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Six Years After Colorado Teen Was Burned Alive When Walking In on Home Robbery, $75,000 Reward Offered
“Investigative efforts at the scene revealed a physical altercation took place between Long and her assailants before the fire started,” the FBI has said of Maggie Long's brutal homicide.
Six years after a Colorado teenager was burned alive when she walked in on a burglary at her home, investigators are still looking for answers.
The Colorado Bureau of Investigation announced on December 1 — the anniversary of 17-year-old high school student Maggie Long being found murdered in her Bailey home in 2017 — that a $75,000 reward is being offered in the case.
“Our quest for justice for Maggie remains steadfast,” Park County Sheriff Tom McGraw said in a statement on the six-year anniversary of her death. “As we’ve stated previously, someone has that key piece of information that will lead to the arrest of those responsible for Maggie’s murder. It will take one person with one piece of information that will help our investigative team bring resolution to this case for Maggie, her family and the Bailey community.”
What happened to Maggie Long?
On December 1, 2017, Long went home to grab a change of clothes and cookies for the audience attending a concert at Platte Canyon High School that the teen was managing. Fire and rescue personnel were dispatched to a house fire on County Road 43 in Bailey at around 7 p.m., according to the Federal Bureau of Investigation,
“It was reported in a 9-1-1 call that people were inside the residence causing damage,” the FBI stated in a "seeking information" flier. “At least one male was on the property. After the fire was extinguished at the residence, Maggie Long's remains were discovered by fire rescue personnel." Her death was later ruled a homicide by the El Paso County Coroner's Office.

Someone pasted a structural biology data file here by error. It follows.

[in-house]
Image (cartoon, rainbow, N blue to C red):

“Investigative efforts at the scene revealed a physical altercation took place between Long and her assailants before the fire started,” the bureau continued. “The suspects stole a Beretta handgun, an AK-47-style rifle, 2,000 rounds of ammunition, a green safe and jade figurines.”
Police have yet to make an arrest in the case, though they previously released composite sketches of three different suspects.
Maggie Long's case reclassified as hate crime
At the time of the incident, investigators classified Long's murder as a crime of opportunity, considering that a robbery was involved. However, in 2021, the case was reclassified as a hate crime.
The FBI defines hate crimes as criminal offenses motivated by bias against the victim's race, religion, disability, ethnicity/national origin, sexual orientation, gender, or gender identity.
Long’s sisters, Connie and Lynna Long, told NBC affiliate station KUSA in 2021 that they were initially surprised to hear of the reclassification.
"We just haven’t experienced that type of violence firsthand, but knowing what happened to Maggie and just the nature of the violence, it is something that should be taken into consideration," Connie said. "Her race, her gender, you know, all of those are contributing factors for why these perpetrators thought it was okay to do that to her.”
The sisters said at the time that they hoped that the shift in the case would bring new information to the surface.
“Circumstances change and maybe now the people who may have known something in December 2017 are now in a place where they can, you know, speak to their truth," Lynna told KUSA.
Special Agent Michael Schneider of the FBI’s Denver Field Office previously told Oxygen.com that the FBI was grateful for the patience and support from Long’s family and the surrounding community.
“The FBI is committed to combating hate crimes and condemns violence directed toward any individual or group,” Schneider said.
The Colorado Bureau of Investigation has asked that anyone with information in the case call the Maggie Long Task Force tip line at (303) 239-4243 or email: email@example.com. Those who wish to remain anonymous can do so.